Ambulance bosses warn of compulsory redundancies
An ambulance trust looking to cut staff has said there could be compulsory redundancies if not enough people volunteer to leave.
East of England Ambulance Service (EEAS) Trust bosses want to reduce the number of backroom staff and private ambulances to save £20m.
They say the money would be invested in more ambulances and paramedics.
The consultation period is due to start, with a decision about redundancies being made by November.
Interim chief executive Andrew Morgan said: "We are trying to move money from one part of the organisation - the support functions - into direct frontline patient care.
"We need more ambulances on the road, and to do that we need to employ more paramedics, clinicians or care assistants - that's where the money is going to go."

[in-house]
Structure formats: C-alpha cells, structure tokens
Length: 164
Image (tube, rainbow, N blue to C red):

He added: "There's always a risk that we may have to go down the compulsory redundancy route - I'd like to avoid that."
Norman Lamb, Liberal Democrat MP for North Norfolk, and also a health minister, said it was "critical" to have investment in frontline services.
"If the organisation is too fat at the management level and at the administrative level, then that has to be addressed," he said.
"The principle is clear: the trust has to go about it in a proper way - it has to fully consult staff."
Gary Aplin, Unison's branch secretary for the EEAS, said any redundancies would be "unwelcome".
"Morale level with the uncertainty that this is obviously going to throw up is going to degrade further.
The trust, which covers Bedfordshire, Cambridgeshire, Essex, Hertfordshire, Norfolk and Suffolk, was ordered to improve by the Care Quality Commission (CQC) in March after its response times deteriorated.
Mr Morgan then put in place a "turnaround plan" which included measures such as recruiting more paramedics, tackling sickness and restructuring management.